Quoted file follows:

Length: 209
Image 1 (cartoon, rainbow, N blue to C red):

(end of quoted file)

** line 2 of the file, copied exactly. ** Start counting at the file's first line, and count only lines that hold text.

Image 1 (cartoon, rainbow, N blue to C red):